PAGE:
Since a trial is a stressful and tough time, you need to make sure that as a lawyer you have everything in order before the trial begins. But how can you do this? One of the best ways to make sure you are prepared and confident going into the trial is by ensuring everything is organized ahead of time.
The main benefits of using witness preparation (prep) in your trial
If you are preparing for trial, you might be wondering what to include in your pre-trial process. You need to gather information, make your argument, shape your case and include witness preparation (prep) in the process. But why is this important? There are many benefits to including witness preparation (prep) to help you prepare for your trial.
Feel comfortable during the court case
The first benefit including witness preparation (prep) for your pre-trial process is to help the witnesses become confident and comfortable speaking in front of other people. If you practice enough times, the witnesses will get used to speaking in stressful situations, recounting all of the important details, and enunciating clearly. If you throw them into a stressful court case in real-time with no training, they will be unsure of what to say, they can stutter, and they can forget what they were saying altogether. Using witness preparation (prep) ensures that the witnesses used will feel more comfortable when the time comes for the real trial.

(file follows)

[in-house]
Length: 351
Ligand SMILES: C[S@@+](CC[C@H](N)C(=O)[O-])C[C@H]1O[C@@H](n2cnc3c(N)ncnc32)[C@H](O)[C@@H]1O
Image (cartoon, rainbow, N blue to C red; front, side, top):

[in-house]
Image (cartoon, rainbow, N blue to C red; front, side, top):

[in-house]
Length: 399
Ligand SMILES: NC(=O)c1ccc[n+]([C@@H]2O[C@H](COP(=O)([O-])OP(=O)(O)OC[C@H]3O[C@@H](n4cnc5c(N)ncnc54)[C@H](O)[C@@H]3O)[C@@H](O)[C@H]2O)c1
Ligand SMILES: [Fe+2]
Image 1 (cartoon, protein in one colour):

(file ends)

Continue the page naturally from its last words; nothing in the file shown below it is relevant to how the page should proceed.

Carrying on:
Gain an understanding of the case
The next benefit of using witness preparation (prep) in the pretrial process is to help the witness fully comprehend and understand the gravity of the situation. By letting them get a better overall understanding of the case, such as who is involved, the crime committed, and how their testimony can influence the case, they will begin to take the case very seriously and understand the impact they have on the outcome. This ensures they take the case seriously and tell the truth.
How to answer questions effectively
The third benefit of using witness preparation (prep) is the ability to answer questions effectively. Just because they are confident in what they are saying, sometimes they may answer questions incompletely, inaccurately, or with wrong facts. By practicing ahead of time, you can make sure the witnesses have the correct answers to the question that are understood and clearly stated.
Learn not to answer a question
Along with learning how to answer questions thoroughly, clearly, and in-depth to provide a clear picture of what happened, using witness preparation can help witnesses understand when not to answer a question. If the prosecution or the lawyer asks a question that you do not know, do not make up an answer because you think you are helping. Instead, it is okay to say that you do not know the information beyond the scope of equations, avoiding perjuring yourself or answering untruthfully.
Using witness preparation (prep) is a key tool in the pretrial process to increase confidence in the witness and teach them how to answer questions. By providing this practice period, you can rest assured that your witness will know how to completely answer questions, learn when to not answer questions, and gain an understanding of the case.